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Book Review: The Poisonwood Bible by Barbara Kingsolver

I recently started a Book Bucket List where I have a monthly poll for people to decide what my next read should be. The Poisonwood Bible by Barbara Kingsolver was voted as my March 2018 read and here is the review!

The Poisonwood Bible by Barbara Kingsolver

Pages: 570
Genre: Historical Fiction/Religion/Classic
Publication Date: 
September 24, 1998
Story Perspective: Alternating First-Person
Themes: African Culture, Missionaries, Religion, Family, Loss, Grief, Redemption, Forgiveness, Coming-Of-Age, Disability, Domestic Abuse, Mental Health, Independence

SynopsisHere comes a story that follows the Price family, who moves to the Belgian Congo in 1959 for missionary work. Nathan Price, a faith-driven Baptist strongly believes in his mission to teach the word of the Lord, even to those who don’t necessarily have the same beliefs. His wife, Orleanna, and daughters, Ruth May, Leah, Adah, and Rachel all follow along and begin a journey that they were well underprepared for.

Not only do the Price family have minimal clothing, resources, and are dealing with trying to avoid diseases and malnutrition, the Congo begins to fight for its freedom from Belgium. An opportunity arises for the family to leave during this unstable time, but stubborn Nathan decides the whole family should stay no matter what. Unfortunately, their experiences afterwards takes a turn for the worse.  

my review

The Poisonwood Bible is split into seven “books”, which are essentially the book’s chapters, and is told through the eyes of the main female characters: five-year-old Ruth May, twins Leah and Adah, teenage Rachel, and their mother, Orleanna.

I really liked how the author switched the character perspective throughout. Though it did take me a bit to distinguish which voice belonged to which character. Once I did, I was able to enjoy the book more. My favorite perspectives were the innocent Ruth May and the unique Adah. I found Rachel’s perspective somewhat annoying and Orleanna’s perspective to be sometimes dry and dull. The author does a nice job in developing each of these characters in a way that seemed authentic and realistic. On the other hand, I did wish that we had more insight into Nathan’s character or maybe one of the Africans to get another side of the story and add even more depth to the novel. Essentially, we follow these white female characters, but no one else.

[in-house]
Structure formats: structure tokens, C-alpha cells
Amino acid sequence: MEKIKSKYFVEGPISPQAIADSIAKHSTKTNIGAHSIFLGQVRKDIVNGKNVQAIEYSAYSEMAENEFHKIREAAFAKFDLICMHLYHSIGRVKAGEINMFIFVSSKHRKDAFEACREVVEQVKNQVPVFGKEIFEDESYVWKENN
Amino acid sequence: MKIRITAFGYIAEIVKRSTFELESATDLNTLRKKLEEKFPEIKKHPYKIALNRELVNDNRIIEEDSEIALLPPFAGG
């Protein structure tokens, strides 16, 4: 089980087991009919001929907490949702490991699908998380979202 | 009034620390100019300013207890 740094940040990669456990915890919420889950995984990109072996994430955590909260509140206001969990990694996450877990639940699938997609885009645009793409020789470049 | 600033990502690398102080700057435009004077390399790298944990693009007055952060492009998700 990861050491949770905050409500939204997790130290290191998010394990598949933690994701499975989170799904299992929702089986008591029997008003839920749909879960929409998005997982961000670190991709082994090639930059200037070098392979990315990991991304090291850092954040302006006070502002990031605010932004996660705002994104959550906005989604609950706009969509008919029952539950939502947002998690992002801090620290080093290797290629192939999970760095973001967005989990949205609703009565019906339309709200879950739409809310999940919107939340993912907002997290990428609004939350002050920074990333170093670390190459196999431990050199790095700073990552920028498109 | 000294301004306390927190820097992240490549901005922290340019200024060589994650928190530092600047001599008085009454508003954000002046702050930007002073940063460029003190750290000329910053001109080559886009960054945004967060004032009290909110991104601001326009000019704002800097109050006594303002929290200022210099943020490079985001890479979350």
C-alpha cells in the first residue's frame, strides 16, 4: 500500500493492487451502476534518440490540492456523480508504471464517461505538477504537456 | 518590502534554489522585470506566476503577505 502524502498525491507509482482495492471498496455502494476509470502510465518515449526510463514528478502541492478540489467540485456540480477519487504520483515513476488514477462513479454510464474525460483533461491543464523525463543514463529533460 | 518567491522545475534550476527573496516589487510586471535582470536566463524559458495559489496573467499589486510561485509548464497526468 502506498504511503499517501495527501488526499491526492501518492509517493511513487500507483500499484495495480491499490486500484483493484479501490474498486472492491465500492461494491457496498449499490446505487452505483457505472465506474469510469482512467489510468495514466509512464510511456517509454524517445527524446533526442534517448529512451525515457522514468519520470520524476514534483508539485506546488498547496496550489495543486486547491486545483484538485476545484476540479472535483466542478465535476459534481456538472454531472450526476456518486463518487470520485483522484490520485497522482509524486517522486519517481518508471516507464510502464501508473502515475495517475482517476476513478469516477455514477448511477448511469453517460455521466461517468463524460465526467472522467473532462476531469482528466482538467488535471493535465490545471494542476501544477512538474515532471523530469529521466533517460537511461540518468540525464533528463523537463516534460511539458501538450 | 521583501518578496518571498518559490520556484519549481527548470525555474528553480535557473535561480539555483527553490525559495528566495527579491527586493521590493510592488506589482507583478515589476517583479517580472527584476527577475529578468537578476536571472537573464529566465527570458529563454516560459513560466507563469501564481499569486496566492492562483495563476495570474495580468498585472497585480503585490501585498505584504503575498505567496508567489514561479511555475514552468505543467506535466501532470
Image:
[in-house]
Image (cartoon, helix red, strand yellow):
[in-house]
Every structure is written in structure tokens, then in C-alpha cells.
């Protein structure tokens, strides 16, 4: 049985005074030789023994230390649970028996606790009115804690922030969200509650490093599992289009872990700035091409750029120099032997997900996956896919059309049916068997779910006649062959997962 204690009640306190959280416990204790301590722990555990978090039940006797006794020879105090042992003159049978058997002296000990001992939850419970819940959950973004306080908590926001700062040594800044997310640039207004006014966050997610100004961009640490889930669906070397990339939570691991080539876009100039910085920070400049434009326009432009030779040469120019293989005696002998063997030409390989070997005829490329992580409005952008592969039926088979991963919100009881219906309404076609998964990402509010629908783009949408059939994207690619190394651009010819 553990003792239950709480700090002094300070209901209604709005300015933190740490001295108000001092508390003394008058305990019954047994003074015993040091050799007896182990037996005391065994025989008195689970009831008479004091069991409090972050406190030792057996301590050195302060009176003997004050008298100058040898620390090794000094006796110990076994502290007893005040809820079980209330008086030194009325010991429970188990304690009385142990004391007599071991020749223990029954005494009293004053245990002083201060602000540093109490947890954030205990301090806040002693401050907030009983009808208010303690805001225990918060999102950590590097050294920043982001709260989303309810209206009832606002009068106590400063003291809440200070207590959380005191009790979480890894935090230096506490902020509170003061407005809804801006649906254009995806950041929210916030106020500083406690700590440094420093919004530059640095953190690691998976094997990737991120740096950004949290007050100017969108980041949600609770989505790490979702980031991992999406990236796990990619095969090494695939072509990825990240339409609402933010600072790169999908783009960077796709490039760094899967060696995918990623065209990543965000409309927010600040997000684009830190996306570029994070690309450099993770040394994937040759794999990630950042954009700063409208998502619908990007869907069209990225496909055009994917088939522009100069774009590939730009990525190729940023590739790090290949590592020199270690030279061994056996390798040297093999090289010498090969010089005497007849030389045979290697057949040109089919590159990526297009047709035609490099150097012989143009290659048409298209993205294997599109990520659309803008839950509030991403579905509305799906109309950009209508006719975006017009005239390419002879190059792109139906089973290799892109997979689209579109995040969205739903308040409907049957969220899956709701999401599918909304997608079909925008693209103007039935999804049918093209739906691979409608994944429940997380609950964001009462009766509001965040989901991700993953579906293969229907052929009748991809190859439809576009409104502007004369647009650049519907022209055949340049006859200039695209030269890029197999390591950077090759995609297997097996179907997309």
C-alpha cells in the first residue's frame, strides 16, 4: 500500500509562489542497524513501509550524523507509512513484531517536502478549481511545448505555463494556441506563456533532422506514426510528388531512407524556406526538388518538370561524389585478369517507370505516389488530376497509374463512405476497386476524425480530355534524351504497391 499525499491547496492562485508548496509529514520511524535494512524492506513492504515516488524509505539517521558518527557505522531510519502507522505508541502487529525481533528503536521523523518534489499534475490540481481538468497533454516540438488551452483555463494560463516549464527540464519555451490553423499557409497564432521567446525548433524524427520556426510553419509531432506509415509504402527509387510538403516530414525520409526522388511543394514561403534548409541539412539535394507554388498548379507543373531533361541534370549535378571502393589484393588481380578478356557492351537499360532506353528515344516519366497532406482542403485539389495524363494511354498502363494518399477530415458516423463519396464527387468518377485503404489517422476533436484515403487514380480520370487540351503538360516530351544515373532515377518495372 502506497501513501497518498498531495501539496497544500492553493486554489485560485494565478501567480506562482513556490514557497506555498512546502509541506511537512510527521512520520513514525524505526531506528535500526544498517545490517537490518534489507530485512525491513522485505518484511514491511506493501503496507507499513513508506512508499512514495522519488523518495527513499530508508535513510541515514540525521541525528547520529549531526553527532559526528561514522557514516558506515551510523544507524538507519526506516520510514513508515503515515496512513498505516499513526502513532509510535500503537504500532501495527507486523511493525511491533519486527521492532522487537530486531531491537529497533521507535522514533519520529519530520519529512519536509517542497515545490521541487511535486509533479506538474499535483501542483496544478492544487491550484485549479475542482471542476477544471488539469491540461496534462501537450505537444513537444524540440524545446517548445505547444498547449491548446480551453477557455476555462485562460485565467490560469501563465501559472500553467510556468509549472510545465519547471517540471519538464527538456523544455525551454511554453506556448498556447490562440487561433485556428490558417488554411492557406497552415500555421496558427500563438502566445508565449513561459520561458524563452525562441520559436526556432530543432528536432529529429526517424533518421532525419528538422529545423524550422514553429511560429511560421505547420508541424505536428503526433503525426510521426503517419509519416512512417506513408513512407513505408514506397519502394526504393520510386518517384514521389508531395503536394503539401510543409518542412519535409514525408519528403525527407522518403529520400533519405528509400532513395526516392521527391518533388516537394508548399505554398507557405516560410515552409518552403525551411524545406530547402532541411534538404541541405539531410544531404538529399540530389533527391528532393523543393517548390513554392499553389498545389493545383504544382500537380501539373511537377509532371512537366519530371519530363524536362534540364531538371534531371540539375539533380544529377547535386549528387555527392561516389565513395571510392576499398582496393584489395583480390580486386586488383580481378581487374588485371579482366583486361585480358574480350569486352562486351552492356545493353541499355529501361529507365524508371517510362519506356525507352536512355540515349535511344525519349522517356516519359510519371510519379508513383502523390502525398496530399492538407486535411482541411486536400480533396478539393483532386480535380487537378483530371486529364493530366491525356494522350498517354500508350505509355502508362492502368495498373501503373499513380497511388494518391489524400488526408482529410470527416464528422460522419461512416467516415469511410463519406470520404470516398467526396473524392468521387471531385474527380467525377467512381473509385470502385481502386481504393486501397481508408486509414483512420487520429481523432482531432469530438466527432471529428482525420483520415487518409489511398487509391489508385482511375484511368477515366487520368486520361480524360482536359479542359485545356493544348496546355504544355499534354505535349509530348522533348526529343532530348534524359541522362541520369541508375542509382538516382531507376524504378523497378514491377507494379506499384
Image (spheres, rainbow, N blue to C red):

For the most part, the plot flowed well until the end. I found myself entranced with the harshness of African life in the 60s with its potential lack of food, rain, clothing, and so much more. Its susceptibility to diseases and malnutrition was always around the corner. Throw in some domestic abuse, quarrels of religious beliefs, and trying to live minimally, I was pretty hooked through most of the story telling. However, the content itself didn’t really shed too much light on the living conditions that third-world countries face even today. However, the major flaw of the story was the ending. Though there were some important and interesting information scattered, there was also a lot unnecessary information. It was probably 70-80 pages too long and felt like a completely different book from the rest of the novel, which was very off-putting.

There were some religious undertones in bits and pieces here. Some seemed to have followed what the family went through, while others not so much. I would say the religious references did peter as the book progressed, which I think is supposed to symbolize the family’s faith in general. However, I sometimes found it hard to follow some of the Biblical undertones and how it related to the Price family. That is, if they were meant to be tied together.

With its long-winded ending and not really new material presented, I’d say I found this one somewhat enjoyable. This is a book that was challenging to give a rating to. I was debating whether three or four stars, but after much debate, I decided on a three in the end.

My Rating3 stars


I would recommend this to anyone who would enjoy to read about a family trying to adjust to African culture during the 60s.

Was this a book of my choosing or one for review?
8 out of 50 books of my choosing for 2018!

2 thoughts on “Book Review: The Poisonwood Bible by Barbara Kingsolver

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